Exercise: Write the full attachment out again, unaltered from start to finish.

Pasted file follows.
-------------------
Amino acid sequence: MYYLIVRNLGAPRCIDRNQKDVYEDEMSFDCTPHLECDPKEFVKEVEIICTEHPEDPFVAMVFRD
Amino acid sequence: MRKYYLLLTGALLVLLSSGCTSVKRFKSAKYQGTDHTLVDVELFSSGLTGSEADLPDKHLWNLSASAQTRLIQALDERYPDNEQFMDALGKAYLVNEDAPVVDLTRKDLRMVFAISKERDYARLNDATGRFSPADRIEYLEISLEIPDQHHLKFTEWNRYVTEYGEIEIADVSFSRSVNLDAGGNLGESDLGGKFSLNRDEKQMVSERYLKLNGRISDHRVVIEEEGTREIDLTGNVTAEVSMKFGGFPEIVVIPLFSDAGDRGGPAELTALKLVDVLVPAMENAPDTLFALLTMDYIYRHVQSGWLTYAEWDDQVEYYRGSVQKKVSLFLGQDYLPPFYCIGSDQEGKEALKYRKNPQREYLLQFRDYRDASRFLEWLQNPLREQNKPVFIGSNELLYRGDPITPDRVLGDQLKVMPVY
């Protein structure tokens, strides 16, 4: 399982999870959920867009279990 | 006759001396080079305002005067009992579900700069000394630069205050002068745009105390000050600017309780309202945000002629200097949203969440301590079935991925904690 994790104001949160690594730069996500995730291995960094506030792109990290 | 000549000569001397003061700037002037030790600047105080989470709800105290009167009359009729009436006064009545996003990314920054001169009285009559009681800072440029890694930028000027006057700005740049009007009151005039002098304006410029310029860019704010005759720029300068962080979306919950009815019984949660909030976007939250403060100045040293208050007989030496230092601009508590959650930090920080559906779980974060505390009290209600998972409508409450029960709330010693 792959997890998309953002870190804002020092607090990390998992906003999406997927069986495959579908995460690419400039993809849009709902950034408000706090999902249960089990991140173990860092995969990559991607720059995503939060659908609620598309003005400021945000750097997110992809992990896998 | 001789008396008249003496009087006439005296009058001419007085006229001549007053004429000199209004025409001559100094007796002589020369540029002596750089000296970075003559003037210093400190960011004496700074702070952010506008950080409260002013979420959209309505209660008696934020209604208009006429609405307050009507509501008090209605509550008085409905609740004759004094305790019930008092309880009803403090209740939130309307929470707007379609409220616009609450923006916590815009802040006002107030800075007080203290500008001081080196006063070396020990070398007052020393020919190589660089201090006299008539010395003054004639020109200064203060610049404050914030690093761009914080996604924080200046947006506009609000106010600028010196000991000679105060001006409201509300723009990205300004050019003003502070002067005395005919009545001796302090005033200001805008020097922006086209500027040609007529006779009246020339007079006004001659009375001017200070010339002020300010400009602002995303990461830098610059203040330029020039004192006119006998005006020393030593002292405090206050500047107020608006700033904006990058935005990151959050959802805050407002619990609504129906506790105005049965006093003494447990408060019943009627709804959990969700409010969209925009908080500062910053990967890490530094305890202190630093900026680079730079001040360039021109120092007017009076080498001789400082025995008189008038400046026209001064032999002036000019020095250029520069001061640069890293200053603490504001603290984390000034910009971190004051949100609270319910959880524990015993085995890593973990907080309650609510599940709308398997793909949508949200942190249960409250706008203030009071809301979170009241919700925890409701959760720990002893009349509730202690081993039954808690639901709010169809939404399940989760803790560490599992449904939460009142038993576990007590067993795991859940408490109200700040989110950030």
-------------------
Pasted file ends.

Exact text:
Amino acid sequence: MYYLIVRNLGAPRCIDRNQKDVYEDEMSFDCTPHLECDPKEFVKEVEIICTEHPEDPFVAMVFRD
Amino acid sequence: MRKYYLLLTGALLVLLSSGCTSVKRFKSAKYQGTDHTLVDVELFSSGLTGSEADLPDKHLWNLSASAQTRLIQALDERYPDNEQFMDALGKAYLVNEDAPVVDLTRKDLRMVFAISKERDYARLNDATGRFSPADRIEYLEISLEIPDQHHLKFTEWNRYVTEYGEIEIADVSFSRSVNLDAGGNLGESDLGGKFSLNRDEKQMVSERYLKLNGRISDHRVVIEEEGTREIDLTGNVTAEVSMKFGGFPEIVVIPLFSDAGDRGGPAELTALKLVDVLVPAMENAPDTLFALLTMDYIYRHVQSGWLTYAEWDDQVEYYRGSVQKKVSLFLGQDYLPPFYCIGSDQEGKEALKYRKNPQREYLLQFRDYRDASRFLEWLQNPLREQNKPVFIGSNELLYRGDPITPDRVLGDQLKVMPVY
């Protein structure tokens, strides 16, 4: 399982999870959920867009279990 | 006759001396080079305002005067009992579900700069000394630069205050002068745009105390000050600017309780309202945000002629200097949203969440301590079935991925904690 994790104001949160690594730069996500995730291995960094506030792109990290 | 000549000569001397003061700037002037030790600047105080989470709800105290009167009359009729009436006064009545996003990314920054001169009285009559009681800072440029890694930028000027006057700005740049009007009151005039002098304006410029310029860019704010005759720029300068962080979306919950009815019984949660909030976007939250403060100045040293208050007989030496230092601009508590959650930090920080559906779980974060505390009290209600998972409508409450029960709330010693 792959997890998309953002870190804002020092607090990390998992906003999406997927069986495959579908995460690419400039993809849009709902950034408000706090999902249960089990991140173990860092995969990559991607720059995503939060659908609620598309003005400021945000750097997110992809992990896998 | 001789008396008249003496009087006439005296009058001419007085006229001549007053004429000199209004025409001559100094007796002589020369540029002596750089000296970075003559003037210093400190960011004496700074702070952010506008950080409260002013979420959209309505209660008696934020209604208009006429609405307050009507509501008090209605509550008085409905609740004759004094305790019930008092309880009803403090209740939130309307929470707007379609409220616009609450923006916590815009802040006002107030800075007080203290500008001081080196006063070396020990070398007052020393020919190589660089201090006299008539010395003054004639020109200064203060610049404050914030690093761009914080996604924080200046947006506009609000106010600028010196000991000679105060001006409201509300723009990205300004050019003003502070002067005395005919009545001796302090005033200001805008020097922006086209500027040609007529006779009246020339007079006004001659009375001017200070010339002020300010400009602002995303990461830098610059203040330029020039004192006119006998005006020393030593002292405090206050500047107020608006700033904006990058935005990151959050959802805050407002619990609504129906506790105005049965006093003494447990408060019943009627709804959990969700409010969209925009908080500062910053990967890490530094305890202190630093900026680079730079001040360039021109120092007017009076080498001789400082025995008189008038400046026209001064032999002036000019020095250029520069001061640069890293200053603490504001603290984390000034910009971190004051949100609270319910959880524990015993085995890593973990907080309650609510599940709308398997793909949508949200942190249960409250706008203030009071809301979170009241919700925890409701959760720990002893009349509730202690081993039954808690639901709010169809939404399940989760803790560490599992449904939460009142038993576990007590067993795991859940408490109200700040989110950030």